We are truly not our own, we have been adopted, drafted, called, set apart to be vessels of God’s love in the world, to sanctify the world by actions that are united with Christ and animated by his Spirit. When we wash feet, we not only follow Christ’s example, we are Christ who continues to wash the feet of his disciples.  He redeems and sanctifies and heals and consoles and encourages through and in us.  True love pours through the Church into our world,  pours through us into our world.  Love that is genuine, love that is selfless, love that is freely offered to all, especially to those who suffer or are alone.  When I think of how many of you visit the sick, care for those who are alone or suffering.  How many of you make such efforts on behalf of your children and parents.  How many small and unnoticed things – hours spent in prayer, little gestures, even smiles to a visitor at Mass.  How much love, how much sacrifice, how much compassion?  The love of the Eucharist truly does flow through our Church.

Do we wish it flowed more strongly?  Of course.  We are hungry, we strive to love as Christ loved even as we are aware of our sins and failures.  Yet even in our hunger, even in our striving, today it is important to praise and thank God for the Communion that we share in him and in one another: for the Eucharist that is God’s life poured out for us, and the for Church that is all of us, all of our lives poured out for the world.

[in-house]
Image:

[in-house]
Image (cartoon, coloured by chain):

Monday, March 25, 2013

Why Processions?

Homily for Palm (Passion) Sunday, 2013

As many of you know, once again this year we are preparing for the Way of the Cross Procession this weekend.  It is something of a novelty for us, this kind of public, outdoor procession, but in most of the Catholic world, processions are not actually all that uncommon.  I was in Spain during holy week a few years back and the week was marked by processions and pageantry.  In Italy and many other parts of the Catholic world there are continual processions commemorating various occasions or events in the life of the Church.

But we are not as used to such things in these parts – particularly in New England.  I guess we do have parades, but even in parades, half the time the people are driving something – a tractor or a fire truck or the big L.L. Bean boot or something.

Maybe it has to do with living in a cold or mosquito-infested climate.  We tend to stay in screened in areas.  And it also might have to do with the rugged individualism and an understated way of life that is typical up here.  We can imagine a local asking: “Why do you people have to go and make a big show of things.  If you want a parade, do it in your living room where you can parade around to your heart’s content in your slippers and bath robe for all I care.”